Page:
Empathy was a key theme of SAP CEO Bill McDermott’s keynote address last May and it is expected to be a continued touch point at this week’s SAPPHIRE event. When McDermott kicked off his customer empathy revolution last year, he indicated it was a direct result of feedback he received from SAP’s executive board. “They gave me a handful of messages, not all of them good,” said McDermott. “They basically told me we weren’t empathetic enough, we weren’t listening or hearing their problems, in their terms, on a consistent basis.” McDermott’s pledge to the SAPPHIRE 2016 attendees was to address this feedback through an empathetic approach – something he now calls executing to empathy.
Is SAP empathy an oxymoron?
Empathy requires you to place yourself in someone else’s shoes and feel what they are feeling. It requires an understanding and appreciation for their perspective and can be recognized as genuine based upon the empathizer’s actions. Using the word empathy over a dozen times in his 2016 SAPPHIRE keynote address, it’s safe to say that McDermott bet big on the customer empathy message. Given the actions SAP has taken within the SAP customer base relative to indirect use, it does not seem that their actions are truly “executing to empathy”. When McDermott gave his SAPPHIRE keynote address in 2016, SAP was already several months into its indirect use suit against Diageo. More recently, SAP America commenced an arbitration against Anheuser-Busch Companies seeking in excess of $600M. Naïve customers may not be as concerned given these two data points represent such a small percentage of the overall SAP customer base, but they are failing to appreciate the significance of SAP’s stance with these marquee customers and the fact that a significant number of SAP customers have confidentially been approached and already settled indirect use claims with SAP. Numerous other indirect use audits and claims are inflight as I write this article.
2017 SAPPHIRE Indirect Use Update
There has been a tremendous buzz within the SAP customer base regarding indirect use, unlike anything I’ve seen since SAP decided to raise its maintenance factor from 17% to 22%. In light of all the press, analyst commentary and customer concern, SAP cannot ignore the indirect use elephant in the room at this year’s SAPPHIRE event and we expect they will try to address it the same way they addressed the maintenance increase in 2008 – under the guise of empathy.
What We Think the Key Messages will Be and How We Think it Will Go Down
- Bill McDermott will play off his 2016 customer empathy theme focusing on the fact that SAP has heard the voice of its customer and is now executing on empathy. Indirect use will be a key part of responding to customer concerns, but it will likely be sandwiched between other customer concerns such as lack/speed of innovation and roadmap transparency.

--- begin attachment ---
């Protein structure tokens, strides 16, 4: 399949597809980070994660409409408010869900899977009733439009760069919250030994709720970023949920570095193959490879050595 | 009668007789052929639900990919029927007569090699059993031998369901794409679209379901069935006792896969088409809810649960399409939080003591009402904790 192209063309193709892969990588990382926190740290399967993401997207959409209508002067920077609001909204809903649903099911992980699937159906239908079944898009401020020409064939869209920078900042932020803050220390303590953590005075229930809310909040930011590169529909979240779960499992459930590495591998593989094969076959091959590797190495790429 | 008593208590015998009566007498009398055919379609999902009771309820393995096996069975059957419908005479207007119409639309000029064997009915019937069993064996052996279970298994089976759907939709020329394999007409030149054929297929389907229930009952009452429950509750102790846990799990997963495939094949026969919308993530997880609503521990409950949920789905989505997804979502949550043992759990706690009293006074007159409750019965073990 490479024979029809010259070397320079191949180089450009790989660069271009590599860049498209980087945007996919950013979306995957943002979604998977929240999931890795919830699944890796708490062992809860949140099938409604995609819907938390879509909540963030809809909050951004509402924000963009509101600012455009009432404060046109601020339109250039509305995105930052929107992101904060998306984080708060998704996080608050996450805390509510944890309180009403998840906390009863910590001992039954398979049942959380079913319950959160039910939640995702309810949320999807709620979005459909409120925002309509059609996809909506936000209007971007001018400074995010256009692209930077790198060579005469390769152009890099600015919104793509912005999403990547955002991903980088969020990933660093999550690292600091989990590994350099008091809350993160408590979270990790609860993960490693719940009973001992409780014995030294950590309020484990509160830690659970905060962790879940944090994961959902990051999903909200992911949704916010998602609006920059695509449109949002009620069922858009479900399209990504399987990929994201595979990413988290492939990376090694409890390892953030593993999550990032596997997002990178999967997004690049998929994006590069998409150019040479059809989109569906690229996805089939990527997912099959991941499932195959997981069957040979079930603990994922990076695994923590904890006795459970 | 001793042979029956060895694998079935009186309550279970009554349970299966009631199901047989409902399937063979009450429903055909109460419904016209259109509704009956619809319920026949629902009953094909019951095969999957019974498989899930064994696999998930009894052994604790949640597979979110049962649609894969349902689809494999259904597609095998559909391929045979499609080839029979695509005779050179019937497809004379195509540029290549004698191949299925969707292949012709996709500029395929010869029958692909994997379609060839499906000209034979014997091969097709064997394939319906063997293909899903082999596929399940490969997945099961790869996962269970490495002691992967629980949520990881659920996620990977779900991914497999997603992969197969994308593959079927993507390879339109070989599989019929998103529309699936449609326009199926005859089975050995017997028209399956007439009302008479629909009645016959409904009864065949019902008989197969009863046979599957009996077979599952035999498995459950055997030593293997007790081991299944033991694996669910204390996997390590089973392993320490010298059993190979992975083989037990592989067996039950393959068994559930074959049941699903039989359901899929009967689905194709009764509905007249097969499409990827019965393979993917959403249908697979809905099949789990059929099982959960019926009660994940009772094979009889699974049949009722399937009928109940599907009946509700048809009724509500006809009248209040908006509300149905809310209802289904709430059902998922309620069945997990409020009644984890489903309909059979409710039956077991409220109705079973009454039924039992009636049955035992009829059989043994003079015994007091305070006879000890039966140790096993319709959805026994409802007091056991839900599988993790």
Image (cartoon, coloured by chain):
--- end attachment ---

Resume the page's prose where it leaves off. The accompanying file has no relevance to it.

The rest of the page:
- SAP will explain the complexity of licensing given the ever-evolving manner in which customers use software and how their focus is only on recognizing the value of their software.
- SAP will try to explain and rationalize how impossible it is to define every possible indirect use customer scenario.
- SAP will outline to the SAPPHIRE attendees that executing to empathy is a journey and therefore SAP has taken some initial steps to simplify its approach to ensuring customers are compliant based upon indirect use.
- SAP will claim it is being transparent in response to its customers, but details will be limited.
- SAP will offer a concession to entice its customers to more openly engage in discussions on ensuring indirect use compliance. This will come across as a begrudging offer, something like SAP offering to waive back maintenance on such indirect use claims. In our opinion, this is table stakes for any indirect use settlement.
- SAP will not want to go into the specifics of the Diageo case or the AB InBev arbitration.
- SAP will not provide any guidance on how it intends to address indirect use as it relates to artificial intelligence, machine learning or the Internet of Things. Those areas represent future growth which must be protected.
- Sean Spicer or Melissa McCarthy, pretending to be Sean Spicer, may be on hand for the Q&A portion of the indirect use update.
Genuine Show of Empathy or Lip Service?
We believe SAP has to provide some sort of message or update on indirect use this week at SAPPHIRE given all the recent press and customer buzz. Given the number of attendees and those following remotely, SAPPHIRE is the most logical forum to reinforce SAP’s prior message of empathy and to lessen existing and prospective SAP customer concerns. The key question to be answered this week will be whether SAP’s message is a genuine show of empathy or purely lip service. If SAP delivers the message as we have outlined above, it will be nothing but lip service.
Check in from SAPPHIRE with Your Thoughts
UpperEdge will be present at SAPPHIRE this week to see how this unfolds, but we would love to hear from those attending customers on their perception of SAP’s indirect use message. Please do not hesitate to contact me at firstname.lastname@example.org with your thoughts, comments and feedback.